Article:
Light Through Leaves

sun’s rays filter through
thinning chlorophyll: frail leaves
rinsing gold light green

Words & images © Lizzie Ballagher

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Boston’s Freedom Trail

Even I Revere the Freedom Trail          

Here I am on the eve of July Fourth—

Yes, that Stars & Stripes Forever day—

But the irony’s not lost on me:

A Brit walking Boston’s Freedom Trail.

Thinly the path of red bricks going two by two

Like a column of starved colonial infantrymen

 

Frog-marches me past churches & graveyards

Where men fought & died—from the gold-leaf dome,

Past that bronze beast bearing Revere, the coppersmith

Riding to warn when two lanterns swung high,

Swung high in the loft of Old North Church,

That our Georgian forebears were coming—

 

Marches me past cold-hearted cobbles

Commemorating the massacre of foolhardy youth,

To the Revere-plated hulk rebelliously hunched

In dry dock, the one they named ‘Ironsides’

When shocked British cannonballs

Bounced back, bounced back off the metal hull—

 

Ensnares me, tugs me

All the city miles it snakes its way,

Makes its way—although, whisper it,

I am shamed by ugly history…

However, still I bounce back,

Bounce back through time’s twisting mystery

 

And I’m a mother now to young Americans—

More: a grandmother, too. My line

Of British sight, of independent British fight

Streaks up with a flare of firework sparks

Bursting in free American air in stripes & stars

Over the city the following night.

 

My life, my line, my freedom staked upon it,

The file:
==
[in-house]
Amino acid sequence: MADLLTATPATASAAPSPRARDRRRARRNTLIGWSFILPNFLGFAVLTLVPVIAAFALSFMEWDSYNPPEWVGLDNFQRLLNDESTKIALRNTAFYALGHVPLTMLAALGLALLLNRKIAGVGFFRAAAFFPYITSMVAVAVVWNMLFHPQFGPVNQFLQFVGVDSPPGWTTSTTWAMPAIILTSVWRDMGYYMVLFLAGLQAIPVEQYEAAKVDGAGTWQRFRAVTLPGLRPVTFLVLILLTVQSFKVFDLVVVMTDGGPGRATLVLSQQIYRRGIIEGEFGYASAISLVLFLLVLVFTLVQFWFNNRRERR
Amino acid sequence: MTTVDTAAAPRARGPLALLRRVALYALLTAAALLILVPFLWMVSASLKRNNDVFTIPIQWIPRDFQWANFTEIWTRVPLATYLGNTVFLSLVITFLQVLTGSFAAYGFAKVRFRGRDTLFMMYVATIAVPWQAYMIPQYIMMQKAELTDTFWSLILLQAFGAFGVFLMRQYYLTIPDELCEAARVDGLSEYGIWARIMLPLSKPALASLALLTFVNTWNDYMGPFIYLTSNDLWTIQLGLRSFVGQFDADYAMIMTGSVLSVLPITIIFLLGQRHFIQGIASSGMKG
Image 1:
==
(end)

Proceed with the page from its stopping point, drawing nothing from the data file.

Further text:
Here: I sign my John Hancock.

A Beautiful Place

Have you ever felt a sense of belonging or some kind of inexplicable connection with a certain place? One such, for me, is a wooded hill on Kent’s long greensand ridge. Unassuming by comparison with its oft-feted neighbour Ightham Mote (National Trust), Wilmot Hill offers long views across the blue hills and wide fields of the Weald. And more besides, as I hope this poem illustrates.

“On Wilmot Hill” has recently appeared in the magazine South-East Walker, but I thought I’d share it here to an even wider readership.

On Wilmot Hill

And if you turn aside
from the greensand path
to ascend the wooden stair
in the south slope of the hill,
you will come to an old way,
an older way
running high
on the ridge:
between toppling yews
planted before history by birds & beasts;
between beeches threading the sky with branches,
stitching the greensand banks
with roots that cling,
drive deep down underfoot—

while all the way to the south lie
the plains & blue foothills
of the ancient weald:
away & away for ever to the sea.

In secret folds, in the lee of this hill
where springs run out, grow
primeval marestails greener than greensand,
violets, primroses & spotted orchids.

A blackbird will be singing
just for you
somewhere in the yew fronds;
clouds will drop their mercy on the beech leaves.

Ahead of you
the path will dwindle
to a white-light vanishing point
at its downward curve.

Words and image © Lizzie Ballagher

May-time Haiku

What is it about this time of year (in the northern hemisphere, at least) that inspires hope? The newness of green leaves? The plans for summer and autumn travels? The freshness of opening flowers? All of these and more?

And in the midst of all the bursting and calling out, the explosion of music and colour, suddenly we hear small, hidden voices…

from honeysuckle:

faint cries of new-hatched finches

breaking blue eggshells

Words and image © Lizzie Ballagher